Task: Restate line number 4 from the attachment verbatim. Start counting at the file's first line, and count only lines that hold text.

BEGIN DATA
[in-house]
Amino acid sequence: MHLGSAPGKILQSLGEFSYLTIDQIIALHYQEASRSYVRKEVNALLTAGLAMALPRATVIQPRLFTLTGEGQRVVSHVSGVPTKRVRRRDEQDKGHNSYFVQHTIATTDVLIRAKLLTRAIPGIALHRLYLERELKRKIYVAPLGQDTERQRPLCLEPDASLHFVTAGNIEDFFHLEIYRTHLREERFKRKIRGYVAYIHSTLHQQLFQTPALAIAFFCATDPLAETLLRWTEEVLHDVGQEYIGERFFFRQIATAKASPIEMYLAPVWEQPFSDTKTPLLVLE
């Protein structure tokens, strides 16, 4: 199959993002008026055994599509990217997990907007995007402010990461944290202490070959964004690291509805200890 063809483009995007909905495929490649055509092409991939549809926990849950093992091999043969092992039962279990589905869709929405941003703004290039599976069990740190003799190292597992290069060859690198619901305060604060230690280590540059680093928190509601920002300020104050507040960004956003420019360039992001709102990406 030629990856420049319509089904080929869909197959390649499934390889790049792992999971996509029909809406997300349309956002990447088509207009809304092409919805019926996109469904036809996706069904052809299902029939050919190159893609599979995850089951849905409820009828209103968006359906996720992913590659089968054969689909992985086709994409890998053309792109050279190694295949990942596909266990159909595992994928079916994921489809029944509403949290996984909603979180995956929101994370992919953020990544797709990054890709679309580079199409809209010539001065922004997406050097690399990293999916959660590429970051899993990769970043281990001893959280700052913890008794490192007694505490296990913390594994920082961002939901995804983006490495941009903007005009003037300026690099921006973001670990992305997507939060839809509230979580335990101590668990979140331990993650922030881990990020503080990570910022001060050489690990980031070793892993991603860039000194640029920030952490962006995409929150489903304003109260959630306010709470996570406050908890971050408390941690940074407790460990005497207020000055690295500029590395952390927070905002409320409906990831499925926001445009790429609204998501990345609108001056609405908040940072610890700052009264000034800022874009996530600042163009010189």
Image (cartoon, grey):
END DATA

Image (cartoon, grey):